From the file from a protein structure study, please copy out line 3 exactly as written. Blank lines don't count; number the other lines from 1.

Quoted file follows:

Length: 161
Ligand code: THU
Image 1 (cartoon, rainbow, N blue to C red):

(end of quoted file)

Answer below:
Image 1 (cartoon, rainbow, N blue to C red):